3.8%-14.5%

Two beers at opposite ends of the beery spectrum.

A couple of weeks ago I finally took some readings on an Imperial Stout that Scott and I brewed back on February 17. Our final gravity reading was 1.018 giving us an abv of 14.5%!! That’s the biggest beer I’ve brewed so far. It’s also remarkable because it was done with a regular ale yeast, US-05. We did use a starter but nothing special aside from that. This will be sitting for a while to age and mature and then kegged and bottled. Will definitely keep you updated as to how it tastes later. So far the samples are VERY tasty.

At the other end of the beer spectrum is my recent, and ongoing, project of 14 day ales. I started this at the end of last summer to see how quickly (and tastily) I could move a beer through my system. I started with a grain to glass benchmark of 14 days. That worked fine with a regular strength, basic ale. I have gradually backed that up to 12 days and most recently I pushed a pils through in 10 days.

One of the added challenges to the 14 day (now 10 day) mark is the carbonating of the beer. This one I was able to carb to a reasonable amount in six hours. That may be fodder for another post at some point. 😉

Granted this is no hop-bomb or high gravity double imperial eisbock but it sure gets the job done. If you’re looking for an easy drinking, tasty, back deck kind of beer, this one will work just fine.

Ten days for fermentation/clarifying/chilling and six hours for carbonation led me to name this one “10 ‘n 6 Pils”. I like the name.

Here is the recipe for those who are interested:

BeerSmith 2 Recipe Printout – http://www.beersmith.com
Recipe: 10 ‘n 6 Pils
Brewer: Peter Collins
Asst Brewer:
Style: Lite American Lager
TYPE: All Grain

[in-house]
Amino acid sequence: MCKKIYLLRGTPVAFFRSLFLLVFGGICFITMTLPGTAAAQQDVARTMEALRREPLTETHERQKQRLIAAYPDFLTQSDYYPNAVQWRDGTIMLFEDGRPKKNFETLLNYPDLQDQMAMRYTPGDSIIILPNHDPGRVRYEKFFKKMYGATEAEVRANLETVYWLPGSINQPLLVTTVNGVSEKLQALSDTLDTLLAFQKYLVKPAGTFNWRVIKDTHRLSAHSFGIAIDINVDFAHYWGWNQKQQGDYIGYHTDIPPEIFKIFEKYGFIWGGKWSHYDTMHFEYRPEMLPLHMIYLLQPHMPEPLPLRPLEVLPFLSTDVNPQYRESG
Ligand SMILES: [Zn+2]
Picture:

Taste: (30.0)

Recipe Specifications
————————–
Boil Size: 6.90 gal
Post Boil Volume: 6.15 gal
Batch Size (fermenter): 6.00 gal
Bottling Volume: 5.60 gal
Estimated OG: 1.039 SG
Estimated Color: 2.5 SRM
Estimated IBU: 20.4 IBUs
Brewhouse Efficiency: 72.00 %
Est Mash Efficiency: 81.0 %
Boil Time: 60 Minutes

Ingredients:
————
Amt                   Name                                     Type          #        %/IBU
8 lbs 8.0 oz          Pilsner (Weyermann) (1.7 SRM)            Grain         1        100.0 %
1.00 oz               Hallertauer (Cambridge) [4.00 %] – First Hop           2        12.5 IBUs
0.50 Items            Whirlfloc Tablet (Boil 15.0 mins)        Fining        3        –
1.00 oz               Hallertauer (Cambridge) [4.00 %] – Boil  Hop           4        5.7 IBUs
1.00 oz               Hallertauer (Cambridge) [4.00 %] – Boil  Hop           5        2.3 IBUs
1.0 pkg               Safale American  (DCL/Fermentis #US-05)  Yeast         6        –

 

Needless to say, this IS what’s on tap. Although I also have an Imperial IPA but I’m just trying to get through that keg to make room for a Citra Pale Ale. Ask Scott. 😉

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About It's what's on tap...

I'm a bass trombone player. I make beer. I take pictures. View all posts by It's what's on tap...

4 responses to “3.8%-14.5%

  • Peter Garner

    Nice. Coincidentally, that is just about exactly the same recipe Jean and I will be brewing a week from today, though we’re going for about 10 lbs of pils and an extra oz of hops (our Hallertau is rated at 7.3, so we should get up to about 40 IBUs with 3 oz and then another oz for dry hopping), and same yeast. Great minds…. 😀 It will be our first time brewing with pils, so we’re very excited.

    • It's what's on tap...

      Yeah, I deliberately kept this one on the low side just to get a nice mild/light beer out of it. What Hallertau do you have that’s at 7.3%AA? I’m curious to see what you think of dry hopping with the hallertau as well. I have not done it but I haven’t heard great things about it. I may try it at some point for myself just to be able to say yay or nay to that variety for dry hopping but we’ll see. I currently don’t have hallertau in pellets so it won’t be anytime soon.

  • Peter Garner

    And actually, we’re going to dry hop with the Cambridge Hallertau (which, incidentally, smells very different from our own home-grown Hallertau).

  • Peter Garner

    The hallertau at 7.3 is hops direct Hallertau, via Bob Lattimer. No idea other than that. But I’m looking forward to dry hopping with yours. They smell wonderful.

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